That being said, I have a small issue with the article written by Sullivan. Initially, I thought that Sullivan’s article was the most relevant to me, and due to the cultural changes over the last fifty to sixty years, it is probably the most accurate descriptor of my daily life. However in his essay, the sentence “…the deadline is always now” struck me as an unfortunate characteristic of our generation. Why must everything be now? Impatience is, without a doubt, on the rise in our culture and I believe that it has negatively affected the level of creativity, and effort put forth in today’s literature. We all remember reading authors such as Edgar Allan Poe, Ernest Hemmingway, and Mark Twain…but which authors will future generations remember about us? Stephanie Meyer? I sincerely hope not (sorry Twilight fans). I have never understood why society has to move at such a rapid pace, but it is unacceptable to assume that the creative process of writing ought to move as quickly. Writing, as previously mentioned, is a process. So, next time you’re writing an essay at 1:30am hyped up on red bull just trying to squeeze out 500 more words, just take a breather. Writing is an art, not a race.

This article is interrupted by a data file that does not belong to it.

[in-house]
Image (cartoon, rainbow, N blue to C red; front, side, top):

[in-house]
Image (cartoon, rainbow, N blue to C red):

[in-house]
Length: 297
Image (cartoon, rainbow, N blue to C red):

3 thoughts to “Call Me Old-Fashioned”

  1. Really loved how you challenged the deadline of “now.” I think you’re dead-on about how our society and internet culture has to move at such a fast pace. I completely agree that the creative process of writing should not be hindered because of time. Even though our society today is so heavily based on the internet via blogs, e-mail, social networking, etc, why must that automatically make our writing become short-hand, robotic and mundane? Granted some of those late night papers do need to just be finished and done with, but why not relax and take the extra time to write a well crafted e-mail or perhaps sit-back on reflect on a topic before instantly tapping away at the keyboard.

    About authors from our generation… sometimes I worry that i spend so much time reading authors from the past and class-related texts that I don’t get around to reading anything written in the past decade, let alone year. Besides J.K. Rowling and Stephanie Meyer I am having some trouble finding real prominent authors off the top of my head. Am I alone in this thought?

  2. Erin,